When we ignore women’s pain, we put their lives in danger

In August, abortion advocates in Texas celebrated a significant victory in a lawsuit challenging Texas’s ban of the procedure. (Dreamstime/TNS)

In August, abortion advocates in Texas celebrated a significant victory in a lawsuit challenging Texas’s ban of the procedure. The Texas law, like nearly all current statewide bans, includes an exception for abortions that are necessary to save the life of the pregnant person or protect them from serious injury. This means that, in theory, a person experiencing a miscarriage or another serious problem with their pregnancy can receive an abortion even if the state in which they live has banned it.

In practice, however, doctors are only willing to perform an abortion if it’s clear that the pregnant person is at significant risk. Often, in Texas and elsewhere, they are confused about which practices are legal and which aren’t. As a result, women like Amanda Zurawski, the lead plaintiff in the Texas lawsuit, have been denied care, and face serious medical consequences. The judge agreed that the exception written into the Texas abortion ban was too unclear and issued a temporary injunction against it. This ruling, however, was immediately blocked when the attorney general filed an appeal to the state supreme court.


One reason that the exception cannot be reliably applied reaches far beyond the context of abortion: Doctors too often do not believe women who say they are in pain.

One particularly horrifying example is described in a recent podcast series from The New York Times about a nurse working at Yale’s fertility center who stole vials of fentanyl, concealing her theft by replacing the fentanyl solution with saline. As a result, dozens of women underwent egg retrieval (an invasive procedure) without any pain medication. Each woman was supposed to receive both fentanyl for pain relief and a sedative to keep them calm. Instead, the women whose fentanyl vials had been stolen received nothing to block the pain.

Multiple women alerted their doctors that the anesthetic was not working. The women used terms like “excruciating,” “nightmarish,” and “horrific” to describe their pain and said that it felt like the doctors were “ripping something from the inside of [their] body.” When one woman tried multiple times to speak with the doctor who performed the retrieval, he told her that he was “perplexed” by her experience, but “not alarmed.”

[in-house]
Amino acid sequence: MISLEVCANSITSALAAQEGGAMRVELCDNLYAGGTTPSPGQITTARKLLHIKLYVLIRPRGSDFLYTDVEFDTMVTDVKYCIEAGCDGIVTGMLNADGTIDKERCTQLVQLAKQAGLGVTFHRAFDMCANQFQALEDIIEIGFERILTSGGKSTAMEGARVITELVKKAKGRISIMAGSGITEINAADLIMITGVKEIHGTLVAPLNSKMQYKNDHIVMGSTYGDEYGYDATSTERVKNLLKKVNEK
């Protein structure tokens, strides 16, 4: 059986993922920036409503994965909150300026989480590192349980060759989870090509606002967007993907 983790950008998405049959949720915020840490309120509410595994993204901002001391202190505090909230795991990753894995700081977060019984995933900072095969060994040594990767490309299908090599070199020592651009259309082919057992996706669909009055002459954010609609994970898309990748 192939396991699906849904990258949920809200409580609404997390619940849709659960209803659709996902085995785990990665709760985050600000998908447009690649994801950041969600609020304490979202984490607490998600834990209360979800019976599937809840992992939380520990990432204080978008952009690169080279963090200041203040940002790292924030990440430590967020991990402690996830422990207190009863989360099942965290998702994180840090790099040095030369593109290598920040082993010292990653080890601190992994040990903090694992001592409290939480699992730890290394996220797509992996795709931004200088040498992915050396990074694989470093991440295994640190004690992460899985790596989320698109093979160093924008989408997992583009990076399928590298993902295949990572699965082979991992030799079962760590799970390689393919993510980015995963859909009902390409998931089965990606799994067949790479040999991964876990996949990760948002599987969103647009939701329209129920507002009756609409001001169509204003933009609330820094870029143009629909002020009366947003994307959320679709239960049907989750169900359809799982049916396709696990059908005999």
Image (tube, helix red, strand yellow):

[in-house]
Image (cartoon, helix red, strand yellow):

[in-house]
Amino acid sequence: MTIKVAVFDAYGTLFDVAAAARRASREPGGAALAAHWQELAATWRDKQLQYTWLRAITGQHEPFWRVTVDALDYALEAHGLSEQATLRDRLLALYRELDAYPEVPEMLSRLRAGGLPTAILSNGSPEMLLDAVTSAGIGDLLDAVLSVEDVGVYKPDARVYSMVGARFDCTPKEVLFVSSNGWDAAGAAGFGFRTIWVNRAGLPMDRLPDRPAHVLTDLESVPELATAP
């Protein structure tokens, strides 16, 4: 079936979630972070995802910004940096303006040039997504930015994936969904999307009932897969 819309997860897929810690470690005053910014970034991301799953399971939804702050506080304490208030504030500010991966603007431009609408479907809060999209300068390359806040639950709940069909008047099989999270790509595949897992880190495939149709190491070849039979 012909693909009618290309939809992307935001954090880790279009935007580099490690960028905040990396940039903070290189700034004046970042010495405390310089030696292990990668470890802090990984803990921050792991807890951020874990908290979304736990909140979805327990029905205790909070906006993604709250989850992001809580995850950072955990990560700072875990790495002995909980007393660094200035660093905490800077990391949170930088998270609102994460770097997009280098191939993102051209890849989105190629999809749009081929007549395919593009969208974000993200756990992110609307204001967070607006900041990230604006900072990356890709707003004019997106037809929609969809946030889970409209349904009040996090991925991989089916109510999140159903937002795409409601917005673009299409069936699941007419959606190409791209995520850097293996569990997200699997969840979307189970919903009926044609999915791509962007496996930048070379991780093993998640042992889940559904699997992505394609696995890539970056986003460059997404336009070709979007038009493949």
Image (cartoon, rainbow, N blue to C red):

Assessment of pain is often key to evaluating the health risks of a miscarriage or other problems with a pregnancy. If the doctors and hospital administrators do not trust a woman who says that she is experiencing severe abdominal pain, they are less likely to believe that her health is seriously threatened and thus less likely to approve an abortion. The result will be more women like Zurawski, whose water broke at 18 weeks and was denied an abortion by a Catholic hospital. Days later, she was diagnosed with sepsis, a life-threatening infection caused by her water breaking. She spent three days in the ICU and the disease caused one of her fallopian tubes to be permanently blocked.

These severe health risks are even worse for women who also experience discrimination for other reasons, from women suffering chronic pain who are labeled malingerers and drug-seekers to women of color (especially Black women) whose descriptions of pain are believed even less than white women’s.

The Texas Supreme Court justices, as well as any other court hearing similar challenges, should take the experiences of women into account and strike down abortion bans with narrow exceptions that rely on physicians believing women who say they are in pain. And until doctors, legislators and judges take women’s pain seriously, women will be forced to suffer in silence.


Dara E. Purvis is a professor and associate dean at Penn State Law who writes about how the law reinforces gender stereotypes and reforms that would treat people more equally. This column was produced for Progressive Perspectives, a project of The Progressive magazine, and distributed by Tribune News Service.